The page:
Great review!!

  3. Sounds very interesting... and appropriate for the weather at the moment, too!

  4. I seem to have an attraction to books that involve snow, ice and cold. I want to read them all whilst watching the snow falling outside my window. I would definitely want to read this, as it sounds wonderful.

  5. Quick note to Vivienne - you should read Smilla's Sense of Snow. You almost have to bundle up just to read the thing, plus it is a great crime thriller!

    Ana, I think you did a great job of explaining the book. I am captivated by the cover. I always say I prefer fiction, but if a non-fiction is written as well as this sounds, I'm there.

  6. Other than juvenile nonfiction, I've not found any nonfiction that works for me outside of memoirs yet. And even memoirs I can only take so much of.

  7. Okay, so I think I told you about my devious plan--buying this for Rich. But now I'm thinking I might need to ditch the underhandedness and just buy it for myself. After all, if I buy it for him, I feel like I have to at least let him read it first...and what if I just can't wait?!!

  8. Gavin's review made me want to read this too, and now your review has pushed me over the edge! :p

  9. Sounds like a good book- and perfect for the weather right now (cold enough almost for snow again, here). As I was reading your review I kept thinking of Icebound, a book set in Antarctica- now that's cold! I'm adding this one to my TBR right now!

  10. Sounds really good! I live in a hot country, and cold weather holds a special charm for me. I can lose myself in the snow between the pages even though there is a warm wind blowing outside.

  11. So yeah, I'm going to read this later on in the year when it stops being bloody freezing out. (Bloody freezing = lows in the twenties and teens. Aah, the South.) I think a book about cold would be nicest in the summertime. :)

  12. I don't like cold weather at all, so I've been whining a lot lately. (It's not supposed to be this cold in the South.) The book does sound fascinating and well written, though.

  13. This sounds right up my alley. Thanks for the review!

  14. I'm reading this now and I'm loving every page of it. I couldn't agree more with everything you've said here. Though my favorite season is fall, I'm a big fan of winter. Great review as usual Nymeth!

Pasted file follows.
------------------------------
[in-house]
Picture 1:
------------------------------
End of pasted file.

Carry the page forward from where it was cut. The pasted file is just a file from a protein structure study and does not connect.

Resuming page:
15. Oh this sounds wonderful!!! I see what you mean now about you having a long gushing post about cold weather :p This is definitely going on my wishlist. I need to read more nonfic this year and this certainly sounds like the kind of nonfic I need to be reading!

  16. It's so fascinating to me what authors can write about and make super-interesting. Especially with non-fiction! There is so much to say on seemingly bland and innocuous or just completely random topics. For instance, my next read is about taxidermy :-)

  17. This sounds so awesome! I'm cold just reading your review...

  18. Sounds like an important book to read!

  19. Although not a book I might usually gravitate towards, this sounds like I would really like it. I actually don't like the cold unless I am "visiting" it. I'm a California girl all the way (sad to say).

  20. From your description, this book reminds me a bit of Summer World by Bernd Heinrich. If you haven't read that one yet, I highly recommend it to you. It's a really fascinating and rich book. We actually have a few relatives who live in Alaska, and I would love to visit there and see it for myself, it sounds unbearably beautiful by all accounts. I am off to look up more about this book...it sounds like an incredible book. Great review!